I have a TV commercial that was sent to me that weighs in at 2.4mb .mp4 (MPEG Movie)

The people who made the commercial have a 5second credit title on the front of the commercial that I need to remove.

When I crop that out in Adobe Premier then export it, no matter what I do cannot get the file size anywhere near 2.4mb

I have tried Export "Match sequence settings", I have tried H.264, medium and high bit rates but all of these make the file blow out to 8 to 14mb.

Is there something I am missing here or need to be doing? Or is this just how Premier is?

I have never used Final Cut Pro and see that it has a $500 price tag but are thinking about giving it a go.

Any help would be great.

2 Answers 2


Match sequence settings confuses a lot of people. It doesn't mean the output will match the bitrate of your source files—after all you could use any number of source files in a sequence with all sorts of bitrates. Match sequence means the output will have the same frame size, fps, PAR and so on as the sequence.

Basically, if you want to get your output below a certain size you have to wind down the video bitrate, reducing the quality until it produces the desired result (you can use a bit of maths to get in the ballpark: calculate (the desired size in Mbits) / (length in seconds) and you'll have the Mbits per second budget you need to work towards.


To truly match the original export settings, you need to be clear as to what those settings are.

Find the file in file explorer, right click, and go to properties. Go to the details tab and you should find an information list like the below.

enter image description here

This shows you the width, height, length and bitrate of the video. Along with the format, these are the key things that will determine final video size.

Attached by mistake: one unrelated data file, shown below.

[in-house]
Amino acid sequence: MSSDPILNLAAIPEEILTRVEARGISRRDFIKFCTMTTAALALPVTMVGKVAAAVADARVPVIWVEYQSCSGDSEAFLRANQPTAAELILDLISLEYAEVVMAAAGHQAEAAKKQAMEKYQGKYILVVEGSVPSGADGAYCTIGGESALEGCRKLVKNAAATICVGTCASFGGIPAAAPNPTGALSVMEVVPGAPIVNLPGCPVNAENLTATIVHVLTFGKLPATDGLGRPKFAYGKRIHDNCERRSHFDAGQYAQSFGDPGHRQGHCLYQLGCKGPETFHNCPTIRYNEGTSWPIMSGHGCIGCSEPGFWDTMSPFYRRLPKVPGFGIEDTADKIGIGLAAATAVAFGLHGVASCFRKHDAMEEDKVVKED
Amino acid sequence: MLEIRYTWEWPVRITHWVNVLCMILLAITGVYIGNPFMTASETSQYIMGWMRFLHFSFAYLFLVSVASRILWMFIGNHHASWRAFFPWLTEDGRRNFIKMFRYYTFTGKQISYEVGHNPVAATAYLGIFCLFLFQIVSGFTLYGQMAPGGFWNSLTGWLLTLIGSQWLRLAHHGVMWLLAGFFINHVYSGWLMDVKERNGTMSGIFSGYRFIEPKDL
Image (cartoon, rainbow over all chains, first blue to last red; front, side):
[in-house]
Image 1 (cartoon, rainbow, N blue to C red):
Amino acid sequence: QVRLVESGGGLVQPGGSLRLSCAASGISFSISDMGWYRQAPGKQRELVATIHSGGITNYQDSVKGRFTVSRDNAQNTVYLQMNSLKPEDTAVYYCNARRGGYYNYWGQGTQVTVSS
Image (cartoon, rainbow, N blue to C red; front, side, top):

Open your file in Premiere Pro, open the relevant timeline and then Press CTRL + M or go to File > Export > Media to open the export window.

Select H.264 as the format (standard encoding) and select a preset such as "Match source - medium bitrate". This however will only match the timeline source, and not necessarily the settings of any video that are added to the timeline. However, by selecting a standard preset like this, any custom settings that you have previously chosen will be wiped clean. As you may have selected an option previously that might be upsetting your file size, this will reset those options to a standard preset.

enter image description here

In the tabs further down, check the width and height. If they don't match the settings of your original file as illustrated in the first screenshot, uncheck the box to the right and then manually adjust these settings. You should also check Frame Rate in the same way. - this can't be found in the windows property dialogue, but Premiere Pro will give you this information.

enter image description here

Next, scroll further down to the Bitrate settings. Choose VBR 1 pass (2 pass won't change file size much, but increases render accuracy). Then change the Target Bitrate ot match the bitrate you found in your original file as demonstrated in the first screenshot.

enter image description here

This should very closely replicate your original file. Before you Queue or Export your video to render, check the "Estimated file size" at the bottom. This is usually fairly accurate and should tell you if the exported file will be about the right size or not.

enter image description here

Hope that helps, feel free to comment.

Your Answer

By clicking “Post Your Answer”, you agree to our terms of service and acknowledge you have read our privacy policy.

Not the answer you're looking for? Browse other questions tagged or ask your own question.